Exome Sequencing: Current and Future Perspectives

Amanda Warr, Christelle Robert, David Hume, Alan Archibald, Nader Deeb, Mick Watson

Research output: Contribution to journalArticlepeer-review


The falling cost of DNA sequencing has made the technology affordable to many research groups, enabling researchers to link genomic variants to observed phenotypes in a range of species. This review focusses on whole exome sequencing and its applications in humans and other species. The exome has traditionally been defined to consist of only the protein coding portion of the genome; a region where mutations are likely to affect protein structure and function. There are several commercial kits available for exome sequencing in a number of species and, owing to the highly conserved nature of exons, many of these can be applied to other closely related species. The data set produced from exome sequencing is many times smaller than that of whole genome sequencing, making it more easily manageable and the analysis less complex. Exome sequencing for disease gene discovery in humans is well established and has been used successfully to identify mutations that are causative of complex and rare diseases. Exome sequencing has also been used in a number of domesticated and companion species. The successful application of exome sequencing to crops has yielded results that may be used in selective breeding to improve production in these species, and there is potential for exome sequencing to provide similar advances in livestock species that have not yet been realized.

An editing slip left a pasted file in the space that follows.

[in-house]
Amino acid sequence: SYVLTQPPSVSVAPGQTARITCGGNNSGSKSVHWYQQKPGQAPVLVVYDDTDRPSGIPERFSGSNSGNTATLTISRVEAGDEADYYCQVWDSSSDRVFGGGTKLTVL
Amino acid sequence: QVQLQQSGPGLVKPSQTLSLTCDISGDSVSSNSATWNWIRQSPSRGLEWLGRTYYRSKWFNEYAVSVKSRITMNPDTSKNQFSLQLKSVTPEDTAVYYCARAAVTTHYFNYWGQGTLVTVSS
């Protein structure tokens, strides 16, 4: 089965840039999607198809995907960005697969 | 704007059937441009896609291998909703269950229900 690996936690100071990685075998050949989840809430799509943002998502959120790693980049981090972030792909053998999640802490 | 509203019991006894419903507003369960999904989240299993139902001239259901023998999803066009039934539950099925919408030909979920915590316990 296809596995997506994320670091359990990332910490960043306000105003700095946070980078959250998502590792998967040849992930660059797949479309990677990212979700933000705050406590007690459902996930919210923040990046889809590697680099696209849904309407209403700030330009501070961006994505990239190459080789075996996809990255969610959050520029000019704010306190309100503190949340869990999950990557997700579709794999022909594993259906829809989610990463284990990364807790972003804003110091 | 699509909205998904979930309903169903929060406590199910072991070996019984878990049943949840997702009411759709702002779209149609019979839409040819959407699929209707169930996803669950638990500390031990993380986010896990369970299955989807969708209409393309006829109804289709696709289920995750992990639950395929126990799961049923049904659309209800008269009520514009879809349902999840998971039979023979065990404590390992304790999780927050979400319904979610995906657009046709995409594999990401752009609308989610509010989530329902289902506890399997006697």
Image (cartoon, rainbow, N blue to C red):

Original languageEnglish
Pages (from-to)1543-1550
JournalG3: Genes | Genomes | Genetics
Issue number8
Publication statusPublished - 2 Jul 2015


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